Wednesday, August 30, 2017

“The Theology of C.S. Lewis” by Kevin Livermore

C.S. Lewis (1898-1963) was many things – author, novelist, Christian apologist, radio broadcaster, scholar, writer of children’s stories, speaker, and lecturer. One thing he was not, and never claimed to be, was a theologian. His scholarly work at Oxford and later Cambridge universities focused on later medieval history and literature. He’s even remembered today by scholars for his “A Preface to Paradise Lost,” still considered one of the best works on the subject.

But a theologian he was not. And yet, given his enormous influence on several generations of Christians, and his continuing influence, it’s worth considering exactly what his theology was. That’s what Kevin Livermore has done in The Theology of C.S. Lewis.

And Lewis’s theology has to be gleaned from his writings. Livermore undertakes a close reading of many if not most of Lewis’s works, including Mere Christianity, The Problem of Pain, A Grief Observed, The Chronicles of Narnia, The Weight of Glory, The Screwtape Letters, Surprised by Joy, God in the Dock, The Great Divorce, Perelandra, and more.

Kevin Livermore
The book covers the problem of evil and the existence of God; love, marriage, and fidelity; human origins; the main themes of Lewis’s work; the world of Narnia; and the battle with God and grief. Livermore also includes a hefty section of Lewis quotations on a wide variety of subjects and an extensive summary of each of the works used in the discussion.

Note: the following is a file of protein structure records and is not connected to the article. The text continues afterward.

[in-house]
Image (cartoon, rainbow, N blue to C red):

The author is a college pastor and asset management consultant in real estate. He received a B.S. in business administration from the University of Southern California, and Masters of Divinity degree from Fuller Theological Seminary. He serves at Friends Church in Yorba Linda, California, and is the founder of the YouTube channel 3-ology.

The Theology of C.S. Lewis is a comprehensive introduction to what Lewis believed and how he anchored his writings in his beliefs.

1 comment:

Michele Morin said...

Sounds like a wonderful book.
I took a class on C.S. Lewis in college and the final exam was to write a Theology of C.S. Lewis based on the works we had covered that semester. Intense. But it was really good for me to do, and I've loved his writing more, I think, because I enjoy the challenge of figuring out what he's saying about God alongside everything else he's saying.